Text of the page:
Republicans on the House Judiciary Committee may vote to hold Meta CEO Mark Zuckerberg in contempt later this week, according to a new report from Punchbowl News Monday.
The potential contempt vote hinges on a February subpoena from the committee demanding Meta produce documents and communications related to content moderation discussions it had with executive branch officials. The members of the commission have accused Meta of not cooperating with the investigation by not keeping documents.
the sources said Punchbowl the poll plans to hold a vote on Thursday.
Responding to the possible vote, Meta’s spokesperson, Andy Stone, directed threshold in a statement the company gave Fox Business saying Meta had “shared over 50,000 pages of documents” and “made nearly a dozen current and former employees available to discuss external and internal issues” in response to the commission’s subpoena.
That clearly hasn’t been enough for Republicans, who have used their newfound House majority to investigate coordination between the White House and tech companies to censor content since the 2020 election. Alphabet, Amazon, Apple and Microsoft all received similar subpoenas in February to the one sent to Meta.
“Meta has critical information that he has not submitted to the commission”
“Meta has critical information that it has not provided to the committee about the federal government’s efforts to censor Internet speech and how Meta has responded to those efforts,” said Russell Dye, spokesman for Rep. Jim Jordan (R-OH), chairman of the committee. Punchbowl.
Democrats have pointed out that there is no law that prohibits tech companies from cooperating with the government to find and remove harmful content, namely content that falsely claims the 2020 presidential election was rigged or downplayed Covid.
The GOP-led committee left Twitter out of the investigation, choosing instead to back its new owner, Elon Musk, and the allegations he helped raise in a series of reports called “The Twitter Files.” Shortly after buying the company last year, Musk gave a limited group of reporters access to select internal company documents that described moderate decisions about Hunter Biden’s laptop, “shadowbanning” and the suspension of former President Donald Trump in 2021.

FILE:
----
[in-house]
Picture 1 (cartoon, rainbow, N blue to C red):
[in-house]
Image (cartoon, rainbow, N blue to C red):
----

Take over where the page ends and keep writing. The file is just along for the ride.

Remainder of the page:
While subsequent committee hearings have not amounted to much more than hard knocks, a federal judge recently issued a preliminary injunction barring Biden administration officials from making requests for moderation on the platforms.
The committee already escalated its fight with Meta last week in a letter to Zuckerberg suggesting the company’s new Threads platform “raises serious concerns, specifically because it has been marketed as a rival to Elon Musk’s Twitter, which has faced political persecution from the Biden administration following Musk’s commitment to free speech.”
The letter appears to address an ongoing Federal Trade Commission investigation into Musk’s purchase of the company. Earlier this month, the committee brought in FTC Chairwoman Lina Khan for a hearing that focused largely on that investigation and the document requests it made to the company about its privacy and security practices.
Until the Trump administration, Congress rarely voted to hold contempt votes. More recently, Trump White House advisers like Mark Meadows have been held in contempt, but the Justice Department has declined to prosecute them.
It is unclear whether the Justice Department would act on any of the committee’s contempt votes against Zuckerberg. Punchbowl called the vote a “largely symbolic step” for the committee.